by Katelynn E. Carver

Katelynn E. Carver is a doctoral researcher at the University of St Andrews, earned her BA and BS from Baldwin Wallace University and her master’s from Harvard University, and has been having a torrid love affair with the written word for as long as she can remember. It’s quite possibly the best relationship she’s ever had.

There is a song—

and a song is just a poem that doesn’t quite do its job set to a tune so that it catches, so that it snags and tears and leaves a jagged footprint and niggles in your periphery; a

song is just a poem that doesn’t quite make the cut because a poem that does its job is a poem that sings all by itself, that dances a cadence without teaching the steps and holds heart in hand so that the rhythm leaps to within and is swallowed whole in breathless awe and a poem should be the play of a pulse put to words, should split clean and leave the wound thin


to bleed slow so that the line’s not jagged but the

seeping never quite gets to stop

and so it stays;

but there’s a song on a record that spins monochrome distortion and claims that it tells the story of playing the un-self and what things made for other people look like when they’re tossed aside a left to rot—

but there is

A Song.


And that particular failed poem drones on about how the armour you wear and the shield you bear and all that you live by and die; that effervescent sheen is cast against the fray to show everyone else that you’re strong. To prove






Which is important, I’m told. Is scandalous.


Not dangerous.


And yet: the precision with which the tool moves, wields to cut and define; the delicacy with which the lines blend and the shades bleed and the whole distils into a canvas woven soft and thick and writ wider, larger than any breathing living thing and when I buy mascara it’s never waterproof because it keeps the tears in until their time and when I smoke my eyes it’s not for you—and as they say


if you cannot tell if your YDK is Half Baked or your D is Urban or Kat then what matters is that the D isn’t yours, and yours isn’t wanted and once more with real feeling


This Is Not For You.


And the moment you realise that red is not for cherries or for mustangs or for lusting or for blood but is made for feeling first and at the fore and I wear it to taste it on my own mouth, in perpetuity:


That is dangerous.


It is not dangerous that the shape of my palm knew the shape of a pistol before the shape of a steering wheel, so that it seems perhaps I learned destruction before direction, but

I pulled a stillborn calf from its mother’s womb, once

it was breathtaking and heartbreaking and

my strength was not in wrenching but in packing the dirt around a


and I cried for mace in my eyes, once

burning endless for hours and I never used it again so I was its

only victim

and I was victim only to myself and

ruthless though it proves, it’s as it should be and

the fact is that I learned to weigh life before I recognised distinction, orientation or design and

those are lessons you don’t forget, those are the ones that mould and make and fill to be breathed into the world and

because they are timeless and ineffable and impossible to gun down they are the most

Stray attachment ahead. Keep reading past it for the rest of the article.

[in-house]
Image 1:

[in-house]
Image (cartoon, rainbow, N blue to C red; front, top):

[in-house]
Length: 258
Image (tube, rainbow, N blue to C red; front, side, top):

of all the things to know.


I have cut

a newborn’s umbilical cord and

I have laid hands

upon the dying and

I have divorced without

a wedding and it is


to contain any such multitudes,

so it seems.


It is dangerous that, when the alarm buzzes I grab the pills and do not hide them and I watch you with both eyes open as you watch me bring the bottle to my lips for feeling and I toss them back one






seven (you count seven, where I long stopped counting)

and one always sticks on my tongue, the bastard, and they taste of nothing except for that one, the white one, innocuous-uncoated and bitter like I deserve it

or like I’ve earned it and it is dangerous because

it keeps me from tasting the things that are soured harsher, deeper


I am immune to everything and nothing

and I am uncoated beneath my armour

and I walk among the wicked nonetheless and I watch you unblinking until it’s over

until I swallow and

I am dangerous.


It is not dangerous that the way that love sounds off the tongue always rolls at the end around


and starts to


and betrayal is a common thing, is a human thing, is an ordinary thing and it is dangerous to the soft parts of the self, sometimes, perhaps, but it is not


in the ways that matter.


What is dangerous is how when you replace me with something thicker than water, I will embrace you for embracing that, it, him, her. What is dangerous is that when I find you

face-down on the featherings etched in


there are no words for what you’ve done

we have no words and you will sob

and I will watch for a while

I will clench my teeth until they creak

but I will crouch beside you and help you stand

in the end

and the hand I reach toward you is dangerous.


It is not dangerous that I wear two rings on the third finger of my left hand without a



what is dangerous is the moment when those rings stop telling you that I am not and will not be


and start proclaiming that if I belong to anyone it is to



And maybe—

maybe a poem does its job,

or maybe it needs a melody but

either way it’s fertile, futile and

it’s midnight, somewhere—

And I’m tired.


I am so. tired.


And in truth: I’m not a poem. In short: I cannot do your job.


And yet the dangerous bit, that will eat you alive?


The danger is that I will not hide it. The danger is that I couldn’t if I tried. The danger is in the audacity to refuse to pretend to be what I’m not:






And there is a song, you know. About armour. Unstoppable. On a record about—


Songs, though, are just poems on the cutting room floor; pretending.


But this? This plays at nothing. This is dangerous;


This Is (not) Acting.